This week, those warnings came true. In separate rulings this week, courts ruled against a waiting period for women seeking abortions and a law meant to keep doctors from asking patients if they have any firearms lying around the house.
The Florida Supreme Court blocked the abortion law, a 2015 measure that would have required women to wait 24 hours before undergoing the procedure. Thursday's 4-2 decision was the second time the state high court kept the law from taking effect.
In the majority opinion, Justice Barbara Pariente wrote that enactment of the law "would lead to irreparable harm."
"Indeed, under Florida's pre-existing informed consent law, a woman can already take all of the time she needs to decide whether to terminate her pregnancy, both before she arrives at the clinic and after she receives the counseling information," she wrote for the majority. "No other medical procedure, even those with greater health consequences, requires a twenty-four hour waiting period in the informed consent process."
But, in a dissent joined by Justice Ricky Polston, Justice Charles Canady accused the majority of taking "an unreasonably narrow view of the purpose of informed consent" and argued that the plaintiffs had not presented any evidence to prove that the 24-hour waiting period imposed "a significant restriction on the right to abortion."
Hours later, a federal appeals court sided with a coalition of individual doctors and medical groups in finding unconstitutional major portions of a controversial Florida law restricting physicians and other health-care providers from asking patients about guns.
The statute, dubbed the "docs vs. glocks" law, included a series of restrictions on doctors and health providers. For example, it sought to prevent physicians from entering information about gun ownership into medical records if the physicians know the information is not "relevant" to patients' medical care or safety or to the safety of other people.
Also, the 2011 law said doctors should refrain from asking about gun ownership by patients or family members unless the doctors believe in "good faith" that the information is relevant to medical care or safety. And the law sought to prevent doctors from discriminating against patients or "harassing" them because of owning firearms.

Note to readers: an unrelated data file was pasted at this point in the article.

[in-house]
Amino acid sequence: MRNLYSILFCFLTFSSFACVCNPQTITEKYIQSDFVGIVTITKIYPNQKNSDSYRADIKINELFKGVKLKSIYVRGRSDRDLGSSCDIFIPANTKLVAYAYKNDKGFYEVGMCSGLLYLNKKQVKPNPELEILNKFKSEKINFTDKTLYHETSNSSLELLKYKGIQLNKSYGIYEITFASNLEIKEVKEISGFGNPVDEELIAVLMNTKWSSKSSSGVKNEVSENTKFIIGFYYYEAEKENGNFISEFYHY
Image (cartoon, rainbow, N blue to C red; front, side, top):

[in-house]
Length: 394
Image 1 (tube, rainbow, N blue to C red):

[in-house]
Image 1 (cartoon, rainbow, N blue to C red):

In its ruling Thursday, the 11th U.S. Circuit Court of Appeals found that the record-keeping, inquiry and anti-harassment provisions of the law are unconstitutional, but upheld the portion of the law that bars doctors from discriminating against patients who have guns.
"Florida may generally believe that doctors and medical professionals should not ask about, nor express views hostile to, firearm ownership, but it 'may not burden the speech of others in order to tilt public debate in a preferred direction,' " Judge Adalberto Jordan wrote in one of two majority opinions issued by the full appellate court.
In a dissent, Judge Gerald Tjoflat argued that the state law was narrowly drawn and is an "attempt to regulate a very specific part of the relationship" between a health care provider and a patient.
"It does not prevent medical professionals from speaking publicly about firearms, nor does it prevent medical professionals from speaking privately to patients about firearms so long as the physician determined in good faith the relevancy of such discussion to the patient's medical care, safety, or the safety of others," he wrote.
VISIT FLORIDA, ROUND 53
Back in the political realm, Scott got some new ammunition in his battle with the House --- and particularly Corcoran --- over business incentives.
The governor was able to announce that Florida hit record tourism numbers in 2016.
The surge in visitors came despite reports during the past year of toxic algae blooms in Florida waterways, the spread of the mosquito-borne Zika virus, damage from a pair of hurricanes and a terrorist-related attack at an Orlando nightclub.
"I don't understand how anyone can look at Florida's booming tourism industry, and the more than 1.4 million jobs it supports, and vote to kill it," Scott said in a prepared statement. "The legislation the Florida House is pushing puts more than 1.4 million jobs at risk and we cannot let that happen."
But Corcoran told The News Service the governor needs to prove to lawmakers that tourism spending is directly tied to the increase in tourists.
"Show me how Pitbull's video brought more millennials to the state of Florida? You just can't do it," Corcoran said, referring to a controversial $1 million contract Visit Florida inked with Miami hip-hop artist Armando Christian Perez, better known as Pitbull. "We're in la la land."
Anyone familiar with the new movie of the same name knows, of course, that (spoiler alert) both parties go their separate ways in order to find their dreams. That is a resolution not available to Scott and Corcoran.
STORY OF THE WEEK: A special master in the latest “water wars” lawsuit issued a report favoring Georgia, a major blow to efforts by Florida officials to increase the flow of water in the Apalachicola River.
QUOTE OF THE WEEK: "It's almost as if we are being asked to accept the bogeyman's argument that refugees in this state are the problem. What the bill does is, it sends red meat to the base of a political party in order to justify future elections. It's wrong."---State Rep. Kionne McGhee, D-Miami, on a bill seeking to withdraw Florida from a federal refugee-assistance program.